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- Commanding respect because of age, dignity, character or position.
- 2013 July 20, “The attack of the MOOCs”, in The Economist, volume 408, number 8845:
- Dotcom mania was slow in coming to higher education, but now it has the venerable industry firmly in its grip. Since the launch early last year of Udacity and Coursera, two Silicon Valley start-ups offering free education through MOOCs, massive open online courses, the ivory towers of academia have been shaken to their foundations.
- Worthy of reverence.
- 1899 February, Joseph Conrad, “The Heart of Darkness”, in Blackwood’s Edinburgh Magazine, volume CLXV, number M, New York, N.Y.: The Leonard Scott Publishing Company, […], OCLC 1042815524, part I, page 194, column 1:
- We looked at the venerable stream not in the vivid flush of a short day that comes and departs for ever, but in the pacific yet august light of abiding memories.
- Ancient, antiquated or archaic.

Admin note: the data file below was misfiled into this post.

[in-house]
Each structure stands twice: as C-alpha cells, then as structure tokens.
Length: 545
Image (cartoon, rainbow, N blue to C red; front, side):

- 1894 December – 1895 November, Thomas Hardy, chapter VI, in Jude the Obscure, 1st American edition, New York, N.Y.: Harper & Brothers, publishers, […], published 1896, OCLC 3807889, part V (At Aldbrickham and Elswhere), page 360:
- And then bills were sent in, and the question arose, what could Jude do with his great-aunt's heavy old furniture if he left the town to travel he knew not whither? This, and the necessity of ready money, compelled him to decide on an auction, much as he would have preferred to keep the venerable goods.
- Made sacred especially by religious or historical association.
- Giving an impression of aged goodness and benevolence.
- (worthy of reverence): honorable, respectable
- (ancient, antiquated, archaic): aged, dated, hoary; see also Thesaurus:old or Thesaurus:obsolete
- (worthy of reverence): contemptible
commanding respect because of age, dignity, character or position
worthy of reverence
ancient, antiquated or archaic
sacred by association
radiating goodness and benevolence
venerable (plural venerables)